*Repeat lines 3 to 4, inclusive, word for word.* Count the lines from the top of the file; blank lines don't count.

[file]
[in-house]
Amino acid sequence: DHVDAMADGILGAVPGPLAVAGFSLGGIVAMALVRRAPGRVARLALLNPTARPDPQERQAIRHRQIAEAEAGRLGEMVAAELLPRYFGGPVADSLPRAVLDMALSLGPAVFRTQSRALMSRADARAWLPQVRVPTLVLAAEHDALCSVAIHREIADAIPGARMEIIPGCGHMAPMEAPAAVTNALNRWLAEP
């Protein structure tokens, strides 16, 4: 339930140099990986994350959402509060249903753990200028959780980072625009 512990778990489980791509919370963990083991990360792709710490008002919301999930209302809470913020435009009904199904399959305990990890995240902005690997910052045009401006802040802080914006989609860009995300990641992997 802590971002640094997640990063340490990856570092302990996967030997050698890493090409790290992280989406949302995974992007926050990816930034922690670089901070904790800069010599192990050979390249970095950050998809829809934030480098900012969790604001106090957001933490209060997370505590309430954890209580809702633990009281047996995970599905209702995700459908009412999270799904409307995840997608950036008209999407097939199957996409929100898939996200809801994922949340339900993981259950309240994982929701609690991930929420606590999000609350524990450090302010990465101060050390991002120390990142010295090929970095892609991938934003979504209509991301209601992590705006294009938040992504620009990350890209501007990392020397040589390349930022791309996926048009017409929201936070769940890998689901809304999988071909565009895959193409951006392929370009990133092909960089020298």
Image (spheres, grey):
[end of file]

């Protein structure tokens, strides 16, 4: 339930140099990986994350959402509060249903753990200028959780980072625009 512990778990489980791509919370963990083991990360792709710490008002919301999930209302809470913020435009009904199904399959305990990890995240902005690997910052045009401006802040802080914006989609860009995300990641992997 802590971002640094997640990063340490990856570092302990996967030997050698890493090409790290992280989406949302995974992007926050990816930034922690670089901070904790800069010599192990050979390249970095950050998809829809934030480098900012969790604001106090957001933490209060997370505590309430954890209580809702633990009281047996995970599905209702995700459908009412999270799904409307995840997608950036008209999407097939199957996409929100898939996200809801994922949340339900993981259950309240994982929701609690991930929420606590999000609350524990450090302010990465101060050390991002120390990142010295090929970095892609991938934003979504209509991301209601992590705006294009938040992504620009990350890209501007990392020397040589390349930022791309996926048009017409929201936070769940890998689901809304999988071909565009895959193409951006392929370009990133092909960089020298």
Image (spheres, grey):